So, come the weekly dumping session it was decided that an attempt would be made to dump the SRAM on this board, to see if it actually contained anything valid. To cut the story short, it did, so this unknown version of Alligator Hunt, despite having an unprotected ROMset on the PCB, actually still contained the original code in the SRAM and gave us the 2nd dump we needed to verify the dump from the board DarkSoft provided. With the 2 dumps I was able to construct what I’m confident is a 100% correct version of the SRAM content which can be used to emulate the protected version of the game with certainty that the correct code is running and correct data is being provided by it.
The protected version we had was actually interesting for other reasons too, it’s has Spanish ‘win-quotes’ between levels, and Spanish subtitles on the cutscenes. Maybe not too surprising because Gaelco is a Spanish developer, but unexpected. I did for a while wonder if the DS5002FP might provide the region as it’s not unheard of for protection devices to supply a region byte; IGS did that all the time for example. You can see an English quote, and a Spanish quote on the screenshots below.
Anyway, my uncertainty over what determined the language was quickly put to rest when I checked my email and found an email from a long-time MAME user who wishes to be identified as ‘Pablo’ saying that they’d dumped the program ROMs from a dead Alligator Hunt they had and one of them didn’t match MAME. The new dump quickly pointed at a byte in the main program ROM controlling the game region thus giving us a new parent set in MAME and making the Spanish set a clone.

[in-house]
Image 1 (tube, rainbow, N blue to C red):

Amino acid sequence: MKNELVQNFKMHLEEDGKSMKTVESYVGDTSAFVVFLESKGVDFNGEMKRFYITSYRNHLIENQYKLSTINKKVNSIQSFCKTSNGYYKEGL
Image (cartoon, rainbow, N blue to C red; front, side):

Being the curious kind, I decided to see if the byte in question controlled anything else, and to my surprise it did. The byte in question not only controls the game language, but also the region warning (US, NON-US, or none) and maybe most interestingly the title screen. One bit in the byte causes the game to identify as ‘Lizard Hunt’ instead of Alligator Hunt. I’ve not heard of the game actually being released with this title, and no ROM using that title has ever been dumped, but it certainly existed as a possibility, maybe it was intended to be released to the US market with this title instead?
Anyway, here are some videos, first from the newly emulated protected set, second from the new unprotected set.
Hopefully next in line is Glass, we have one SRAM dump from that which works, but like Alligator Hunt, we need to verify it with a 2nd. That would have been done already, except one of our PCBs was in too bad condition to cleanly attach the dumping device, so even if that PCB was working before we started, it didn’t survive the process. We’ve got another PCB on the way, hopefully that one is better, and hopefully we don’t need a 3rd to be 100% sure on it (there’s a possibility of that, Glass uses a lot of data tables, they’re not easy to verify against the unprotected set either)
We’ve still not managed to locate a single working PCB for ‘Play 2000’ which is worrying. Gambling titles are some of the most ‘at risk’ out there due to regulation etc. and ones like this where we know in a few years they’ll definitely all be dead due to the battery are especially at risk. Again, if there’s any possibility you might have one in your collection, please consider donating it.